In coming months, the first of hundreds of prisoners will be transferred from state facilities back to the counties’ care. Derreck Johnson, the owner of Oakland’s Home of Chicken and Waffles, has a message for other employers: Don’t be afraid to hire people with records. At his family-style restaurant, it’s a tradition that works.
The three hikers who garnered fame when they were detained by the Iranian government, accused of spying, and recently released, spoke in support of the Occupy Oakland protest on Monday afternoon in front of city hall.
A new bill authored by Oakland State Assemblyman Sandre Swanson could lift the ban preventing former drug offenders from receiving food stamps. “It is the right thing to do,” Swanson said, adding that California invests millions of dollars supporting prisoners that are released, only to find them returning within a couple of years.
Alameda County’s incarceration system may struggle to support the coming influx of inmates this July as California shifts the supervision of its prisoners from state to local facilities in order to meet a court-ordered prison population reduction strategy. In May, the U.S. Supreme Court ruled that overcrowding in California’s 33 prisons has caused conditions that amount to “cruel and unusual punishment” in violation of the U.S. Constitution. The ruling ordered California to reduce its prison population by 32,000 over the…
Mike H. had been waiting for half an hour to hear his name called by an intake counselor at the Rubicon Legal and Economic Service Center in Richmond. But he was in no rush. He had been waiting for over 30 years for this; Saturday was the closest he’d ever been to getting his criminal record dismissed.
Veronica Hays stares out the window of a 12-person van cruising down I-580. In front and behind her, other passengers chat quietly with one another. Riding in a van with other parolees like herself on their way to volunteer has become a regular Saturday routine for Hays. This week they’re heading to the Alameda Food Bank where they will spend the afternoon organizing food donations. For Hays, just the thought of her sitting in this van, sober and out of prison, is enough to make her smile.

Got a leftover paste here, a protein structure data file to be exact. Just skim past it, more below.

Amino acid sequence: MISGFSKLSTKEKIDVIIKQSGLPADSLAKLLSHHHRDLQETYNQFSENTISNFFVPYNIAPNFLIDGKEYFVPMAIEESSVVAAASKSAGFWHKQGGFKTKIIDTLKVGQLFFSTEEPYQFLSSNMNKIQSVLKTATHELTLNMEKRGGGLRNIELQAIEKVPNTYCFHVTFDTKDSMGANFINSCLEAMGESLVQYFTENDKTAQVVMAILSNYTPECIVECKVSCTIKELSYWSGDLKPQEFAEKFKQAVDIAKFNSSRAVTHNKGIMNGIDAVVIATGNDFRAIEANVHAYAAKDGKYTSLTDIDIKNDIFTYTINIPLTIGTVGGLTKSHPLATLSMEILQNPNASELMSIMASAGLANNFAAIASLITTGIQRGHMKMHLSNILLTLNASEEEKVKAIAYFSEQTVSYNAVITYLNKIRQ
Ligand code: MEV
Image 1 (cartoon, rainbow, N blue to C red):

When James Smith was released on parole in 2007, the Department of Corrections gave him $200 and pointed him out the door—he had no support, nowhere to go, nothing but the clothes on his back. It had been years since he had been on the outside. In a matter of months, Smith was asking his parole officer whether he could be sent back to prison rather than finish parole. Without a job, life outside proved to be difficult—too uncertain. “I couldn’t find a job,” said the 45-year-old Oakland native. “It’s like being a pariah.”
For decades, the law enforcement and justice systems have treated juvenile sex workers as criminals, not victims, arresting and locking them up. Now the Oakland Police Department, the Alameda County District Attorney’s Office and an Oakland nonprofit that works with sexually exploited youth are exploring alternatives to incarceration. But what’s the best way to do it?